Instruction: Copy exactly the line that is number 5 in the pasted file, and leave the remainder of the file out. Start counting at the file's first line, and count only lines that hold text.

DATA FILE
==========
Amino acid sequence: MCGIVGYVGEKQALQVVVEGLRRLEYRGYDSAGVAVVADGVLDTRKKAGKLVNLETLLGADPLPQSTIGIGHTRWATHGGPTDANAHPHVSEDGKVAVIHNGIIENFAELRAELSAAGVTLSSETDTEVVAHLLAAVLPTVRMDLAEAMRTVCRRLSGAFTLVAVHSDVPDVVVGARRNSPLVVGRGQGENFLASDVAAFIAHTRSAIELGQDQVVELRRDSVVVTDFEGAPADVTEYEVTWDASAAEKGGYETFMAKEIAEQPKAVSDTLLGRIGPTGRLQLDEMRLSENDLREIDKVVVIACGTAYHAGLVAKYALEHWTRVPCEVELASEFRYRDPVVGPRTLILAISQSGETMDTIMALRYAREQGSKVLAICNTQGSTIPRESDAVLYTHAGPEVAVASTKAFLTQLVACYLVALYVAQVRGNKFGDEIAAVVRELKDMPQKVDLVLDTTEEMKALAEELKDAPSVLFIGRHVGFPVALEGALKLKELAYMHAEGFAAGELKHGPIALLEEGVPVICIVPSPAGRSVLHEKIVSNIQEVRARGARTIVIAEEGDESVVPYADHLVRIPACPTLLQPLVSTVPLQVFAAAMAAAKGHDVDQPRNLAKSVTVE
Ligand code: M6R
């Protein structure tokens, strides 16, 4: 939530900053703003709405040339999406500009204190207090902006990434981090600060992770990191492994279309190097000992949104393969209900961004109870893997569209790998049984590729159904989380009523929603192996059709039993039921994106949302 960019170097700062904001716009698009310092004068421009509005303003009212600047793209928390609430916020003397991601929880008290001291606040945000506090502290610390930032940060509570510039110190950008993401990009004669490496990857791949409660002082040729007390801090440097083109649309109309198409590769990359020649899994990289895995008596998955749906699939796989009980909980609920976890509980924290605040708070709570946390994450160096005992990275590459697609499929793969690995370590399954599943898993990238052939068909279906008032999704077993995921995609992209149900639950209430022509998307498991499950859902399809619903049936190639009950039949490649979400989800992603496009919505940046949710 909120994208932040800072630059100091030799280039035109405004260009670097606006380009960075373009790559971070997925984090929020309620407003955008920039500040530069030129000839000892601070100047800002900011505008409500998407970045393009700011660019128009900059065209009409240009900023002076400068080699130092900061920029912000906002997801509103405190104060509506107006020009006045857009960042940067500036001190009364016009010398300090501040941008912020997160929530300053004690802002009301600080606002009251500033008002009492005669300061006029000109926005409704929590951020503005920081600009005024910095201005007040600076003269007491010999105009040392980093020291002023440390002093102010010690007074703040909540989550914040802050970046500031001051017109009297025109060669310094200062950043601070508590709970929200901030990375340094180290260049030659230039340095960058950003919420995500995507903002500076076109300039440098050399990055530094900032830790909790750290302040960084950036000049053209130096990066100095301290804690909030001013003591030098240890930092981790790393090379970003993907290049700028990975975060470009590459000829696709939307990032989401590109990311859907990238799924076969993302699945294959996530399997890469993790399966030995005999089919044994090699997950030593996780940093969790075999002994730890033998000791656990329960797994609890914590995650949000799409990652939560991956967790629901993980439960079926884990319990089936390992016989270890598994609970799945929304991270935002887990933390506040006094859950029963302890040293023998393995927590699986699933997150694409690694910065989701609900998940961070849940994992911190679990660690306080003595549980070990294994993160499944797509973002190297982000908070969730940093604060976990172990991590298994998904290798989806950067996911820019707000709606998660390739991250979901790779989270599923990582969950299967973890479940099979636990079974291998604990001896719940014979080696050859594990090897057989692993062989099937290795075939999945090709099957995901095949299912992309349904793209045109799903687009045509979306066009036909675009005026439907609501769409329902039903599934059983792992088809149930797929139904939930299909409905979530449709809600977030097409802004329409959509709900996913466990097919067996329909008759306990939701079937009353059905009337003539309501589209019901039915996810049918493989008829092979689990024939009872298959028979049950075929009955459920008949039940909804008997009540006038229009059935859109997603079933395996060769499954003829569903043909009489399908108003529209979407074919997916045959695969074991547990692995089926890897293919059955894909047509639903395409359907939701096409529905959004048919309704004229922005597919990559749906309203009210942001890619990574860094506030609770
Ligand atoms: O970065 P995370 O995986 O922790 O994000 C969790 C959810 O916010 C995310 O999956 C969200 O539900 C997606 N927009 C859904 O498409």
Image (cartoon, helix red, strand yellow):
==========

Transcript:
Image (cartoon, helix red, strand yellow):